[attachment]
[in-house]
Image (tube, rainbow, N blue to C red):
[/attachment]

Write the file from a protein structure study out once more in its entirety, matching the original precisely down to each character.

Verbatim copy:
[in-house]
Image (tube, rainbow, N blue to C red):